The 45-inch-wide helm station with the wheel in the center provides plenty of space for the pair of Simrad multifunction displays stored behind an acrylic door for protection. Two tiers of angled footrests allow you to brace yourself while perched on the helm seat or using it as a leaning post. This came in handy on test day, as seas off the Florida Keys were running 3 to 4 feet. Yet the Z-hull running surface took the chop in stride, even when pushing the mph 
into the high-50s, easily bridging the wave tops.

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The solid feel of the boat as we challenged the seas is the result of a new cored-hull design that not only improves strength and durability, it also reduces weight to save on fuel and increase speed.

In our acceleration tests, there was very little bow rise, thanks to the hull’s multiple lifting bodies. Our time to plane was a swift 3.6 seconds. And in our tests, the 370Z held on plane at speeds as low as 18 mph.

But once we mashed the throttles, the triple Merc 300s pushed the new SeaVee to a top speed of 60 mph at 6,000 rpm. We found the most economical cruising speed at 4,000 rpm and 37.3 mph, where the trio of 300s burned 38.8 gallons per hour for .97 mpg. That yields a cruising range of 465 miles based on the 480-gallon fuel tank.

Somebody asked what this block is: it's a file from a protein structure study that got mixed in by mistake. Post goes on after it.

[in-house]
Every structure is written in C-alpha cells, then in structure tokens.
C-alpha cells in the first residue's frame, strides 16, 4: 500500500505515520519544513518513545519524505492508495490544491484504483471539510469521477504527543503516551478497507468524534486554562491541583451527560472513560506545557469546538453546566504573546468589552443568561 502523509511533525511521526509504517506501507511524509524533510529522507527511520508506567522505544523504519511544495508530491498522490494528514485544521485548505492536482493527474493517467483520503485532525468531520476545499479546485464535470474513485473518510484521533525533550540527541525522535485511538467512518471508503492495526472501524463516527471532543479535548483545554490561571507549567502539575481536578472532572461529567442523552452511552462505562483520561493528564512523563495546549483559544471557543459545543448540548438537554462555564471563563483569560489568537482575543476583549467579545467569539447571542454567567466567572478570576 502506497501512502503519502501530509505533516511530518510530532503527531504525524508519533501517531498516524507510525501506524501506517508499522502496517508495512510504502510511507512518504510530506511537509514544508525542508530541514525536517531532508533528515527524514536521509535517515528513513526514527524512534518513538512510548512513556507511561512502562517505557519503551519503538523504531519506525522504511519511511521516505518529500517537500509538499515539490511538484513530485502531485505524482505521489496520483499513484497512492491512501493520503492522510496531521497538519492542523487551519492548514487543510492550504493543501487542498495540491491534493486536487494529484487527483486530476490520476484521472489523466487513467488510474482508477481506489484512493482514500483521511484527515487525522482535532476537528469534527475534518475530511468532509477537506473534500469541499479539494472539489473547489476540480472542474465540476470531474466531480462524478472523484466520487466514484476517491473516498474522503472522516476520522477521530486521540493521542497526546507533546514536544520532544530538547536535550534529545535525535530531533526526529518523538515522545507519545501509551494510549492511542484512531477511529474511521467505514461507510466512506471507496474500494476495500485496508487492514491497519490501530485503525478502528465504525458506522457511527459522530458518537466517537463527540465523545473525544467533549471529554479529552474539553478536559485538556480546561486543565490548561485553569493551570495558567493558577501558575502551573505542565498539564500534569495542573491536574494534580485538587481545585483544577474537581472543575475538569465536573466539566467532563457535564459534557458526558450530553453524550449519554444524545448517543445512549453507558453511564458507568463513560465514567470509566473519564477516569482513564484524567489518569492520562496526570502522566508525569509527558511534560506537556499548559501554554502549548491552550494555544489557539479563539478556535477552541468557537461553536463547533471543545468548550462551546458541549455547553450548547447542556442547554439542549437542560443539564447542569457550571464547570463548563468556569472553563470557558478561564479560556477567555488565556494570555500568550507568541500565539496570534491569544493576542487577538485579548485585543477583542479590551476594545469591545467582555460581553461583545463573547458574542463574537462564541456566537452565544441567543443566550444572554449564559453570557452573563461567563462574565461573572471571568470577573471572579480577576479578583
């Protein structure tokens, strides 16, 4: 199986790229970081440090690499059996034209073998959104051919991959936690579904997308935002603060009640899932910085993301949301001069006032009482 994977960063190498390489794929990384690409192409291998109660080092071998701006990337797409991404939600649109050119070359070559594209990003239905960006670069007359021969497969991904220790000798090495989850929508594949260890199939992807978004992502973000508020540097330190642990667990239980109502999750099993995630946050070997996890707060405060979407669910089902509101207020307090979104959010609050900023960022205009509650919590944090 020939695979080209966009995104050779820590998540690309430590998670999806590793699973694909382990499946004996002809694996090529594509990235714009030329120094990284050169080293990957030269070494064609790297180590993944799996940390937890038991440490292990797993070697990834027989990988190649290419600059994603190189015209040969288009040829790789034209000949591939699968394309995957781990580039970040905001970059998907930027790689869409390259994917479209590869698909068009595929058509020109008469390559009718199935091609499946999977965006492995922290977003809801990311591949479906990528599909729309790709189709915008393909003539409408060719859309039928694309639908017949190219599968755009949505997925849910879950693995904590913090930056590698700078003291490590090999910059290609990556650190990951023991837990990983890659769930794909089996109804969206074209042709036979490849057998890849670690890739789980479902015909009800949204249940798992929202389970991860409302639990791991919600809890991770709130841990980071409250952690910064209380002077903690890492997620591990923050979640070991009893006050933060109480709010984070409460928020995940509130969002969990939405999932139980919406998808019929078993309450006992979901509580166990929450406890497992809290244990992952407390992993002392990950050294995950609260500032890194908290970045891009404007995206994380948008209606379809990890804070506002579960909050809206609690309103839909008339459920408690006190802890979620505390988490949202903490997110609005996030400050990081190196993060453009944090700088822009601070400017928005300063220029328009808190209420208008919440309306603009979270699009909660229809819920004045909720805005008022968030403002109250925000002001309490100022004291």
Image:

The 370Z tracked smoothly and -predictably, even when cornering sharply while underway. Credit the design’s speed rails that help ensure directional stability at any speed. Ultimately, the SeaVee 370Z meets every criteria for a great boat, including abundant deck space, solid construction, top-notch fit and finish, and superb performance, even in nasty seas. About the only thing I didn’t like about this new SeaVee is that it didn’t belong to me.

SeaVee Boats: seaveeboats.com

The 32 ft Sea Vee center console boat test for Simrad at the Navico Press event at Hawks Cay, in Islamorada FL. Courtesy SeaVee Boats
Each SeaVee is built to order, allowing every buyer to customize a boat to his particular needs. Courtesy SeaVee Boats
The 45-inch-wide helm station accommodates a pair of Simrad multifunction displays behind an acrylic door for extra protection. Courtesy SeaVee Boats
Twin 40-gallon pressurized livewells in the stern quarters and a 60-gallon livewell forward let anglers stock up on live bait. Courtesy SeaVee Boats
The center console features nine flush-mounted rod holders on each side. The Key West-style hardtop allows for longer rods. Courtesy SeaVee Boats
The seating module houses a tackle prep station with fold-out table, storage trays and drawers, and a slide-out cooler below. Courtesy SeaVee Boats
Once we mashed the throttles, the triple Merc 300s pushed the new SeaVee to a top speed of 60 mph at 6,000 rpm. We found the most economical cruising speed at 4,000 rpm and 37.3 mph, where the trio of 300s burned 38.8 gallons per hour for .97 mpg. That yields a cruising range of 465 miles based on the 480-gallon fuel tank. Courtesy Mercury Marine